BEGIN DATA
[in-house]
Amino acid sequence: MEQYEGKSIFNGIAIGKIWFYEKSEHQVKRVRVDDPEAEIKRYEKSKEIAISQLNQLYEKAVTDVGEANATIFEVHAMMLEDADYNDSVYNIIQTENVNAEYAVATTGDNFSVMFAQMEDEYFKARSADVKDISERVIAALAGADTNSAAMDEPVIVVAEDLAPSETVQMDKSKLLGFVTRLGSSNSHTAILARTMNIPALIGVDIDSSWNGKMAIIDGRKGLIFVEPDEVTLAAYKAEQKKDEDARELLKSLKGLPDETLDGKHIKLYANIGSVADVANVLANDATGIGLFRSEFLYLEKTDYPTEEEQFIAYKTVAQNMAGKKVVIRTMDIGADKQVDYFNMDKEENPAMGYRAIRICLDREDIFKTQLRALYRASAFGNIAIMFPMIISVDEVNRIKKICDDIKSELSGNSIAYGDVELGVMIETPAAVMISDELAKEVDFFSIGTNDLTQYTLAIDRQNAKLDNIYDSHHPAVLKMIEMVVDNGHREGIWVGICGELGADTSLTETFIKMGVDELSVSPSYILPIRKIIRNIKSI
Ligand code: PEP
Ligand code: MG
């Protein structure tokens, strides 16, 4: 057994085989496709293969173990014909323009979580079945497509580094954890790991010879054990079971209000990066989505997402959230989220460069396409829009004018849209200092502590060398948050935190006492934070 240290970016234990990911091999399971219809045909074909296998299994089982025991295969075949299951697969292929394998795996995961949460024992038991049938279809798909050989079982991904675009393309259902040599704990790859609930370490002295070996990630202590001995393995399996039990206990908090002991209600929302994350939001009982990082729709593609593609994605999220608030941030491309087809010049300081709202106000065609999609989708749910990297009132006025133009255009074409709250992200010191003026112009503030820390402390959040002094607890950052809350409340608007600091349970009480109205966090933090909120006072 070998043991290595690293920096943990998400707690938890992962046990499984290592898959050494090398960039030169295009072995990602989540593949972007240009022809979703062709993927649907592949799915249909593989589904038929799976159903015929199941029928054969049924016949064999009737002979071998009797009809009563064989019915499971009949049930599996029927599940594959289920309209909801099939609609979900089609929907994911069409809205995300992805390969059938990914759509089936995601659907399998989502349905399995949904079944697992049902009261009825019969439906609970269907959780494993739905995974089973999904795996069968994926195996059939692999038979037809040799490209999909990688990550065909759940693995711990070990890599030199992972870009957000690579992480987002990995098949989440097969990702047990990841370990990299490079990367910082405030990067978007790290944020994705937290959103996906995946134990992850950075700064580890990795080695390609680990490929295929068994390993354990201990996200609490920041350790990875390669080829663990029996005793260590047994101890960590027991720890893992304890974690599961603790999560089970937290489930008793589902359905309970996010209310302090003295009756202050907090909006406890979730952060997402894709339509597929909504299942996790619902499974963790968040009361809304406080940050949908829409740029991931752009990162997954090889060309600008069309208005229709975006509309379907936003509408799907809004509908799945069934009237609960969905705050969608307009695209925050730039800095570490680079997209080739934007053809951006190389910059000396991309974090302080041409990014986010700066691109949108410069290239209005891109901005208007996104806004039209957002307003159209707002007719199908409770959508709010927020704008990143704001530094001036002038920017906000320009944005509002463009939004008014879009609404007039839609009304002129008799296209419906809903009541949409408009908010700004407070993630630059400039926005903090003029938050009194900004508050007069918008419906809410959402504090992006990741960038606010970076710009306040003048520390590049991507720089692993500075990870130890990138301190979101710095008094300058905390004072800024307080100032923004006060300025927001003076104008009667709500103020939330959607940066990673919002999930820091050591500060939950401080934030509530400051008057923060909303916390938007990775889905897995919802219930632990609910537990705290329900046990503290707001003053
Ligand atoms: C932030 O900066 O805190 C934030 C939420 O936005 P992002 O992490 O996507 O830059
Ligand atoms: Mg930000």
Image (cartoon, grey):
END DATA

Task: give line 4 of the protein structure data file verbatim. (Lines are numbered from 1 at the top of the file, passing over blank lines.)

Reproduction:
Ligand code: MG